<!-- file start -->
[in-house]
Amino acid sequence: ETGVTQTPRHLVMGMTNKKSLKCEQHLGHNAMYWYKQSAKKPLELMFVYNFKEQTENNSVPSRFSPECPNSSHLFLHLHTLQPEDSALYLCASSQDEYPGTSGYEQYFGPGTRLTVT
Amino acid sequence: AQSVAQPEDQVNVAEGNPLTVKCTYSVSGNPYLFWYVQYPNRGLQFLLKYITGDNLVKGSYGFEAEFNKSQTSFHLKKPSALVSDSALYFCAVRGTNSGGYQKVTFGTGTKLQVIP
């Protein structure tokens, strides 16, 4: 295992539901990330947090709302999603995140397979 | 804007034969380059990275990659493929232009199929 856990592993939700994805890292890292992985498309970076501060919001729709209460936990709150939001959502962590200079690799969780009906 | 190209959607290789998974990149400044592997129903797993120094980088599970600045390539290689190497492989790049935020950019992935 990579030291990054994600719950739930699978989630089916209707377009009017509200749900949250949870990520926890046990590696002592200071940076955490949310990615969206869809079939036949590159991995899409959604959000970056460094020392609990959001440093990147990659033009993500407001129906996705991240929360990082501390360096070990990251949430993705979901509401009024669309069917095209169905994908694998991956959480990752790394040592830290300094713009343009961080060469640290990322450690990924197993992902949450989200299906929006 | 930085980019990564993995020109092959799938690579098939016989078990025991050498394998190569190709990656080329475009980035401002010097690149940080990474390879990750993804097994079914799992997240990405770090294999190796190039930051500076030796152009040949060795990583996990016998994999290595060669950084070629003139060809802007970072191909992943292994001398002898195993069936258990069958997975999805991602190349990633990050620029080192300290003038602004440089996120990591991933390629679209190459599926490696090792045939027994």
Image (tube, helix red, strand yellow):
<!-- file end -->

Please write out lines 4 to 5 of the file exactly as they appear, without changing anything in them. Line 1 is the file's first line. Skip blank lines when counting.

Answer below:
């Protein structure tokens, strides 16, 4: 295992539901990330947090709302999603995140397979 | 804007034969380059990275990659493929232009199929 856990592993939700994805890292890292992985498309970076501060919001729709209460936990709150939001959502962590200079690799969780009906 | 190209959607290789998974990149400044592997129903797993120094980088599970600045390539290689190497492989790049935020950019992935 990579030291990054994600719950739930699978989630089916209707377009009017509200749900949250949870990520926890046990590696002592200071940076955490949310990615969206869809079939036949590159991995899409959604959000970056460094020392609990959001440093990147990659033009993500407001129906996705991240929360990082501390360096070990990251949430993705979901509401009024669309069917095209169905994908694998991956959480990752790394040592830290300094713009343009961080060469640290990322450690990924197993992902949450989200299906929006 | 930085980019990564993995020109092959799938690579098939016989078990025991050498394998190569190709990656080329475009980035401002010097690149940080990474390879990750993804097994079914799992997240990405770090294999190796190039930051500076030796152009040949060795990583996990016998994999290595060669950084070629003139060809802007970072191909992943292994001398002898195993069936258990069958997975999805991602190349990633990050620029080192300290003038602004440089996120990591991933390629679209190459599926490696090792045939027994």
Image (tube, helix red, strand yellow):